After sprinkling Berchmans Hall and the Saints Connector with holy water, Archbishop Gregory joined Sister Berchmans as a bronze sculpture of her was unveiled in the hall, done by artist Brendan O’Neill.
Berchmans Hall, a two-story wing added to Visitation’s St. Joseph’s Hall, includes an art studio and classrooms for math and science and laboratories featuring state-of-the-art technology including interactive boards that can project what’s on a computer screen or iPad, enabling the school to expand its STEAM (Science, Technology, Engineering, Arts and Math) programming.
The Saints Connector is an addition connecting the school’s St. Bernard’s Library and St. Joseph’s Hall. The connector offers a communal space for students and teachers to meet outside the classroom and also houses the Sister Mary de Sales McNabb Innovation Lab named in honor of a longtime math and science teacher there. In that lab, students can work with computers, machine tools, a 3-D printer and other equipment to design and create a range of things, including robots and stage sets.
Concluding his remarks, Kerns mentioned several Visitation Sisters by name who had impacted students at the campus over the years, noting that, “As we dedicate the Saints Connector and Berchmans Hall, we celebrate not only Sister Berchmans but also the selfless service of the Sisters of the Visitation for over two centuries… I know that Sister Berchmans feels strongly that this is their day, as well as her own.”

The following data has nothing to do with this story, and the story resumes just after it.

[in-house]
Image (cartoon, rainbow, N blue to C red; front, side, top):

Those additions were made possible by Georgetown Visitation’s recent capital campaign, the most successful in its history, that raised more than $25 million. The campaign also provided a future endowment for the school and funded the opening of its St. Jane de Chantal Salesian Center that fosters the Visitation Sisters’ Salesian spirituality among the students, faculty and alumnae. That drive also provided funds for the school’s McNabb Field, also named for Sister Mary de Sales McNabb, which features a turf field and new scoreboard, and the new Sheehy Dining Hall there named for alumna Helen McKenna Sheehy.